As long as SDN and NFV services have legacy components, the automated tools designed to deploy them would also have to deploy legacy network services. An NFV firewall will still likely need a carrier Ethernet connection, for example. If you can automate carrier Ethernet legacy equipment with SDN or NFV service automation to create an end-to-end service, why do you need to transition the infrastructure at all?

We see two examples of this thinking today: first, an operational support system/business support system (OSS/BSS) transformation; and second, software-defined WAN, which is similar to the Metro Ethernet Forum's Third Network. The former applies software orchestration techniques to current devices, thus reducing Opex and improving service agility. The latter builds services by overlaying them on any mixture of Level 1 (optical or SDN tunnels), Level 2 (Ethernet) and Level 3 (IP) infrastructure. The infrastructure is then decoupled from the service, and infrastructure changes don't have to affect services at all.

Competition for transformation technology model

As a result, we have three competing technology models for transformation. The differences are stark in their effect, so it's no wonder operators are struggling with their choices. The choices are as follows:

  • Build new SDN or NFV infrastructures optimized for automation and agility.
  • Apply software orchestration and automation tools to the management interfaces of legacy devices to make them more efficient and controllable.
  • Create an end-to-end software-defined overlay service network on top of whatever happens to be there already, and focus service automation and management practices on this new layer.

What will -- or should -- they choose? One thing that appears clear is SDN and NFV cannot be deployed quickly or far enough to create a major effect in the next three years. The depreciation rate for operator infrastructure constrains sudden forklift network transformation technology changes, not to mention operator fears of massive problems with new technology never tied at scale. This doesn't mean SDN and NFV won't happen, but that other technology options must lead them there.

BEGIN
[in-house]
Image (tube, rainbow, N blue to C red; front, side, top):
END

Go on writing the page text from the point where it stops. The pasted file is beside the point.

Where operators have a strong set of APIs or policy management tools to control their legacy networks and facilitate the whole service lifecycle, a service modeling and automation strategy that operates either within or underneath the OSS/BSS could realize fast and substantial rewards. This approach could generate 10 times the cost reduction as renewing infrastructure using SDN or NFV in 2017, and over 18% more cost benefit even by 2020.

Only by adding in other technology changes can costs be further reduced, however, and revenue gains from this approach are difficult to prove.

The SD-WAN approach simplifies software automation and increases agility through the use of an easily controlled overlay model, one popularized by Nicira Inc. -- later bought by VMware and relabeled NSX -- and also supported by Nokia Networks with Nuage Networks and other vendors. This overlay model requires little capital investment compared with forklift infrastructure upgrades, and it is easier to automate. This strategy, in combination with service modeling and automation, could boost cost reduction in 2017. And by 2020, the combination could reduce current Opex by 50%.

SDN and NFV can then play, and play decisively. By introducing SDN as a virtual wire below the SD-WAN and adding features with NFV, SDN and NFV could combine with other approaches to generate a 70% reduction in Opex. This combination could unite network feature hosting and carrier cloud computing services to increase operator revenues by about $100 billion per year globally by 2020. They may not lead the transformation wave, but SDN and NFV can bring it home.

Next Steps

SDN and NFV drive telecom changes

NFV propels changes with network management

How SD-WAN and NFV can lower costs

This was last published in February 2017

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What technology path is your company planning to go down for its network transformation to increase service automation?